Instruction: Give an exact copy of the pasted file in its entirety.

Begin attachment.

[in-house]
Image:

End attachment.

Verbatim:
[in-house]
Image: